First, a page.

IMPACT ON PROFITABILITY ‡ Emphasis on product cost throughout life cycle of product ‡ Precise targeting of correct prices .

Nissan.COMPANIES THAT USE TARGET COSTING ‡ General Electricals Motorola The US auto companies : General Motors. Mitsubishi NASA The US Military Sony ‡ ‡ ‡ ‡ ‡ ‡ . and (Daimler) Chrysler All Japanese auto companies including: Toyota. Ford. Honda.

structure or system ‡ Includes purchase price. operating costs. installation cost. maintenance and upgrade costs and remaining at the end of ownership . service.PRODUCT LIFE CYCLE DEFINITION ‡ Sum of all recurring and one-time (non-recurring) costs over the full life span or a specified period of a good.

distribution and customer service are locked in at the R&D and design stages. ‡ The development period for R&D and design is long and costly ‡ Many of the costs predicted to be incurred over several years in production.FEATURES OF LIFE CYCLE COSTING ‡ Includes Non-production Costs. . marketing.

until the product is no longer made .LIFE-CYCLE COSTING PROCEDURES ‡ Best form of costing from a planning standpoint ‡ Cannot be used for financial reporting ‡ Costs must be calculated from the point of the initial idea for the product.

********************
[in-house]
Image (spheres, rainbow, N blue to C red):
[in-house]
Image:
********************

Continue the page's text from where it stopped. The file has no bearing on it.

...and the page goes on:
INTRODUCTION PHASE ‡ ‡ ‡ ‡ ‡ Product is put on the market and its awareness and acceptance are minimal. May last from few months to a year Retarding factors . sales revenue low and profits probably negative Sales of new products usually rise slowly at first. Promotional costs will be high.

consumer satisfaction must be ensured Factors for acceleration  larger pools of imitators  market is broadened by market segmentation.GROWTH PHASE ‡ ‡ ‡ ‡ Product penetrates into the market and sales increase Product begins to make profit contribution To sustain growth. product differentiation and higher levels of promotion  product improvements  number of distributors increase .

MATURITY PHASE ‡ ‡ ‡ ‡ Sales cease to rise exponentially Market saturation No new distribution channels to fill. Profits decline due to  competitive products.  innovators find market leadership under growing pressure.  Potential cost economies are used up  Prices begin to soften .